Effect of the ground cover management on Cacopsylla bidens (Šulc, 1907) populations in pear orchards
Ms. Diana Valle is currently a PhD student at the Instituto Nacional de Investigación Agropecuaria (INIA Las Brujas) in Uruguay. For her master’s studies she focused on finding alternative strategies to the chemical control of Cacopsylla bidens, one of the main pests in pear orchards. Following that work in her PhD, she is mapping the trophic networks that involve C. bidens as a prey, because the information is scarce on which of the generalist predators is effectively feeding on C. bidens. She will use molecular ecology techniques based on PCR to determine which of the predators present in the agroecosystem have psylla residues in their stomach. Jointly, she will investigate if the parasitoid of the genus Trechnites, which has been associated worldwide with parasitism of nymphs, is present in Uruguay. Finally, she will attempt to characterize the volatiles induced by herbivory and their possible use as synomones to attract the third trophic level. This work aims to lay the foundations of an agroecological management of pear orchards, with emphasis on the conservation biological control. The results presented in the symposium were derived from the studies carried out during her master’s thesis. The objective was to evaluate if a greater biodiversity, derived from the flowering plants present between rows, favored the presence of natural enemies of C. bidens, to reduce the population of the pest. To achieve this goal, the spontaneous flora present in the orchards was allowed to grow. This was compared with a conventional treatment of inter-row mowing plus maintaining a herbicide strip. The results were encouraging, as there was a significant increase in the number of natural enemies present in the orchards in the spontaneous flora treatment, which suggests there is potential to reduce the population of the pest. In addition, it was possible to determine that the natural enemies are naturally present in this agroecosystem. These results encouraged us to further these studies, to obtain an agroecological control of C. bidens and increase sustainability of pear production.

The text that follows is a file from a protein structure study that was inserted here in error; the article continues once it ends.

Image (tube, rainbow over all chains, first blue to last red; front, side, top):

Diana Valle won an ISHS Young Minds Award for the best poster presentation at the XIII International Pear Symposium in Uruguay in December 2018.
Diana Valle, Instituto Nacional de Investigación Agropecuaria (INIA, Las Brujas), Ruta 48 Km. 10 Rincón del Colorado, Canelones, CP 90200, Uruguay, e-mail: firstname.lastname@example.org
The article is available in Chronica Horticulturae